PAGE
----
Big business is consolidating power like Scott Morrison consolidates jobs, and it’s hurting productivity | Greg Jericho

Most Australians realized market power in 2011, largely due to the price of milk.

Prior to 2011, milk prices increased largely in line with inflation. From 1998 to the end of 2010, inflation rose 43% and the price of milk rose 44%.

Then in 2011, major retailers announced that they would sell 2 liters for $2.

The effect was immediate:

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Over the next nine years, inflation rose 15% while milk prices remained unchanged.

Then, in March 2019, ostensibly to “support farmers,” the major chains announced an end to $2 milk.

The effect again was immediate, and milk prices have since risen 14% compared to inflation which was up 11%.

In this case, market power worked in favor of consumers: we pay less for milk.

It didn’t help farmers, but in 2018 the Australian Competition and Consumer Commission (ACCC) noted that even higher prices would not really help farmers because of the huge power imbalance they have with milk processors.

The ACCC said that due to the imbalance of power, higher milk prices will not “mean that processors will pay farmers more than they have to pay to secure milk.”

This highlights that the lack of competition not only affects prices, but also the ability of small suppliers, be they farmers or food manufacturers, to compete.

The ACCC said this is the result of “market failure in the Australian dairy industry”.

But it’s actually less a “flaw” than a “feature”. Big business consolidates its market power with the joy of Scott Morrison getting ministerial posts.

For decades, questions about how to improve productivity growth have inevitably prompted business groups to respond that we need to reform the industrial relations system and be more flexible.

But in a speech tonight at the Australian National University, Deputy Competition Minister Andrew Leigh focuses squarely on the companies themselves and how the concentration of market power has hurt Australian consumers and workers and slowed growth. of productivity.

Another well-known example of market power is banks.

Since 2004, Australia’s financial sector has shrunk from nearly 250 deposit-taking institutions to just under 150:

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Going from four major 250 banks to four 150 banks may not sound like much, but consider the power of those four:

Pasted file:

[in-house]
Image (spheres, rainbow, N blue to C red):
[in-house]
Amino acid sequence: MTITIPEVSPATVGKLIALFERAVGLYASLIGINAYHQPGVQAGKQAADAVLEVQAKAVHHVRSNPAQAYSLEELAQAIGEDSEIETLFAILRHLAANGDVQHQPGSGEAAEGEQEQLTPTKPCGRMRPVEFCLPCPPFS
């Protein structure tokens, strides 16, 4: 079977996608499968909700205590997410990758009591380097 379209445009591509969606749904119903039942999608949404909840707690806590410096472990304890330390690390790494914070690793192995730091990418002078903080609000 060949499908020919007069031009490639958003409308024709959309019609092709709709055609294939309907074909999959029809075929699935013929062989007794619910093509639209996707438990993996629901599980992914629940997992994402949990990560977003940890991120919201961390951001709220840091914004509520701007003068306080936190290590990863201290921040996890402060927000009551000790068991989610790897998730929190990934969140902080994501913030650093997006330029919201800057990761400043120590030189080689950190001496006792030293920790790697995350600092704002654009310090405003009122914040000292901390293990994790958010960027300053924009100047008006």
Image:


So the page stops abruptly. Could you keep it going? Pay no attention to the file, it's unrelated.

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The Big Four hold 74% of all homeowner-occupant mortgage loans and 79% of investment mortgage loans:

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Even more amazing, they hold 92% of all credit card loans in Australia.

That power is one of the reasons why, even though home loan rates remain mostly lower than the cash rate, credit card interest rates haven’t changed:

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You may be able to negotiate a lower mortgage rate, but the credit card rate? Nope.

This lack of competition has broader impacts on the economy, something Leigh addresses in her speech.

Drawing on his own research and work done by the Treasury, he says the power of the top four companies across all industries has increased over the last 20 years:

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He argues that this might be fine if “there was a lot of turmoil among the leaders, with startups growing and displacing established ones,” but unfortunately these big companies are safer than ever.

Twenty years ago, about 65% of the top four companies in each industry were still there two years later; now it is above 75%:

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Leigh says that this increased market power and security leads to higher prices. Because these companies have secure market power, they can “push up” prices above what would be possible under perfect competition.

It estimates that “average business markups increased by about 6% between 2003-04 and 2016-17.”

Leigh rejects old free market theories that suggest that “if a company tried to overcharge, competitors would take their market share.”

The facts, he says, show that this does not happen.

It explains a bit why the Australian Bureau of Statistics was able to claim in June that “Australian businesses benefited from higher prices” while “wage growth lagged behind inflation, despite a strong labor market” .

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A big problem with all of this is not just higher prices and lower wages, but, as Leigh puts it, a “slowing economic dynamism” which in turn reduces the productivity growth that drives higher living standards.

Strong competition means new companies enter the industry and bring new technologies and ways of doing business, and drive out underperforming companies. But Leigh says that aside from a blip during the pandemic (which seems a bit abnormal), fewer new companies are now entering Australian industries and fewer are leaving:

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Leigh argues that this creates a “slower economy” in which major companies can raise their prices, feel little pressure to innovate, and even less need to raise wages.

While business groups inevitably talk about the need for changes in labor relations to improve productivity, Leigh makes it clear that companies themselves and how they operate have much to answer for.

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